Nietfeld breaks the piece up into sections, investigating in-person conversations, emails that were sent in 2010, and her old computer documents. After she presents the “evidence,” she breaks it down and discusses it. I found this approach to be interesting and impactful as she turns a critical eye on past conversations, her memory, and her relationship with her mother.
Not only is this piece a strong start to the issue, but it demonstrates why Nietfeld deserves to have won the Nonfiction Contest for Emerging Writers.
LitMag is a literary magazine published annually from New York City. The magazine’s pulse is found on page sixty-three with a quote from Aryeh Lev Stollman’s fiction piece “Dreams Emerging,” which states “true art is the condensation of ineffable yearning.” An ineffable yearning is a longing so strong it cannot be described; however, this issue’s work attempts description, and through writing, pieces of the unsaid become real. With fiction, nonfiction, poetry, and tributary letters, LitMag’s third issue holds work that embodies the condensation of ineffable yearning.
Meghan E. O’Toole’s fiction story “Abditory” carries the loudest pulse. It is a hazy and dreamlike exploration of how longing can manifest in dreams and become necessary for engaging with reality. O’Toole uses the image of milk to connect the main character’s past and present with their dream-images, and it is in the way the milk moves, the way it rises in the bedroom or pools on the road, that the story supplements the issue’s character of yearning. O’Toole’s story successfully employs elements of magical realism, which create a vivid sense of place that is consistent in every scene. I instantly believed in the fictional world she created, and this lack of hesitancy to trust and settle into the story’s place drew me back for a second and third read.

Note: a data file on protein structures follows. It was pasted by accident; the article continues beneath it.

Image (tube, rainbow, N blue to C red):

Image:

The magazine’s cohesion comes from every piece having its own sense of magnetism, and I read the magazine in one sitting. Each piece easily pulled me into the next, and it is for this ease and sense of connectivity that recommend LitMag.
Reviewer bio: Jamie is an MFA candidate at the University of North Carolina – Wilmington and holds a BA in English and Creative Writing from Indiana Wesleyan University. She has contributed work to Appalachian Voice, Appalachia Service Project, and has work forthcoming in the Chestnut Review.
Mom Egg Review is an annual print journal focused on motherhood. Their issues featured varied voices at all career phases.
This year’s issue is on the theme of “Home,” an apt focus for all of us currently staying at home and practicing social distancing. It’s a nice reminder that we’re not alone. Like many other journals at the moment, the editors have put together a virtual reading for readers. “Voices from HOME” links to contributors inviting everyone into their homes as they explore the theme.